I know I struggle a lot with staying in the present. I’ve done yoga for about 8 years, but only recently have I really started to focus on the meditative side of yoga. I think that meditation helps me stay in the present. Especially when I focus on all the little sensations that I feel but often ignore.

  • Anne

    I’m not sure it’s possible to just change your attitude. What you CAN do is to reframe problems or disappointments so that they have less power.

    For example, I was talking to my step-mom yesterday. She’s in her 90s, in poor health, and rather depressed. She mentioned that she can’t talk to her sons about her feelings because they get annoyed (her word).

    I suggested that they’re probably not annoyed, but just wish they could help and don’t know how. My step-bros are both very good men–I don’t think they’re annoyed with their mom at all, but probably just distraught over her decline and her unhappiness. Maybe frustrated. But I see their distress as coming from love, not impatience or annoyance.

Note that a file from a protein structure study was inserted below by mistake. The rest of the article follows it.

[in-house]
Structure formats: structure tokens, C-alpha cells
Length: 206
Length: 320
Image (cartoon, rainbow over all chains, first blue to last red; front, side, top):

I think my comment helped her feelings to some extent. But it wasn’t a matter of changing her attitude, but of looking at the issue in a different light. I’ve learned to do this for myself to a large extent as well, and am much happier for it.

    • Dani

      Anne, you bring up a great point. Sometimes it’s not your attitude that’s the issue — it’s how you’re looking at a situation. A positive point of view can make all the difference. Instead of thinking people are annoyed at her, your stepmother can consider a positive alternative — that maybe people are just upset and don’t know how to help. A shift in perspective can make a huge (positive!) difference.